Intel keen for tablets to run Windows, for good reason

Newsflash - Intel is keen for tablet devices to run Windows.

Newsflash - Intel is keen for tablet devices to run Windows.

Intel CEO Paul Otellini seems to see Apple's vision of what a tablet should be as being flawed. Here's what Otellini had to say at yesterday's third quarter earnings conference call:

Tablets are more performance sensitive and intensive devices than phones are. The kinds of applications people do on tablets will require that kind of compute capability—the ability to do real full multi-tasking. For many people particularly enterprise evaluations for tablets, Windows compatibility is very important. We are the only architecture that runs all the major—all but one of the major tablet operating systems. We don’t yet run on Apple. I think we’re in a pretty good space.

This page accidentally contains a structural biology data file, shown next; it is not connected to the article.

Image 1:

Now, Intel is in the chip business, and the more powerful the chip, the more money Intel makes. So it makes sense that Intel is pushing the idea that tablets need to be behemoths. One way to guarantee that tablets will need powerful chips is to push for them to be Windows-based devices.

Intel also has an eye on the future, integrating Infineon technology with Atom processors. This way Intel could have a very big foothold in the tablet market. This is a few years away though.

It all makes sense.

Well, it all makes sense except for the bit where Apple has managed to sell millions of tablets that aren't Windows-based, and don't use Intel chips. Apple has done this without any betting on future convergence. While companies like Intel and Microsoft have spent a lot of time talking about tablets and been busy outlining future plans, Apple got on and made a tablet. A tablet that people actually want.

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